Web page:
Although it has been falling steadily against the dollar in recent weeks, the naira would have suffered even more depreciation against the greenback but for Nigeria’s very weak economy, analysts at Coronation Capital have said.
The analysts, who stated this in a report obtained by New Telegraph at the weekend, noted that the slump in the economy, occasioned by the impact of the Coronavirus (covid-19) pandemic, has affected demand for dollars on the parallel market, thereby reducing pressure on the naira.
In the wake of the sharp drop in the price of oil (the commodity that accounts for over 90 per cent of Nigeria’s export earnings), coupled with the impact of the pandemic, the country’s external reserves have been on a downward trajectory, a development that made the Central Bank of Nigeria (CBN) to introduce measures aimed at curbing demand for foreign exchange. On March 26, for instance, the apex bank, following global authorities’ implementation of coronavirus lockdown measures, including total shut down of air and land borders, suspended the sale of forex to Bureaux De Change (BDCs) until further notice.
Forex dealers predicted at the time that the CBN’s action would lead to an increase in demand for forex on the parallel market, especially after the government partially lifted some of the lockdown restrictions. However, the naira’s pace of decline against the dollar on that market seems to have been slower than what many market watchers predicted. For instance, after sliding to N470 per dollar a fortnight ago, the local currency has not eased to below N472/$1 since then.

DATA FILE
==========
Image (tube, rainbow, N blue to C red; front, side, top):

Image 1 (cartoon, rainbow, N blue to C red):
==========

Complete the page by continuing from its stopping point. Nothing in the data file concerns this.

In fact, it was unchanged at N472 per dollar throughout last week. Commenting on the issue, in their note titled, “The Mystery of the parallel exchange rate,” the Coronation Capital analysts said: “Until recently, the behaviour of the parallel exchange rate this year has been a mystery. Why did it not respond to pent-up demand for US dollars by adjusting rapidly?
The answer is a very weak economy. “Traders and manufacturers buy US dollars for purchases of traded goods and raw materials, and often source them from the NAFEX market (also known as Importers and Exporters Window, as well as the Interbank FX market). The problem with this market is that it does not live up to its name, the Nigerian Autonomous Foreign Exchange Market.
It is not truly autonomous because the CBN usually provides a back-stop of US dollar liquidity, sometimes providing hundreds of millions of US dollars per month. That is, until recently.
Since March turnover on the NAFEX market has slumped as the CBN has husbanded its precious US dollar reserves. “So, where has the demand for US dollars gone?
It would normally go the parallel market, or ‘street market’. Back in early 2017, when the Interbank FX market rate was N316/ US$1, the parallel market rate was N500/US$1 (a 58.2% difference). Yet the pressure on the parallel market rate in 2020 has been slow to arrive, and so far appears to be moderate. If the normal volume of US dollar demand were to appear in the parallel market, we would expect a bigger adjustment than this.
“The World Bank’s and the IMF’s forecasts for Nigerian GDP in 2020 are negative 3.2 per cent and negative 5.4 per cent, respectively. Given that the recession in 2016 was negative 1.6 per cent, this implies a very significant slowdown now.
And, given that we expect agriculture (22.0% of the economy) and telecoms (10.9% of the economy) not to suffer much, this implies that the trade sector (16.1% of the economy) and the manufacturing sector (9.7% of the economy) are currently losing around 20 per cent of their activity. This likely explains the lack of demand for US dollars overall,” the analysts added.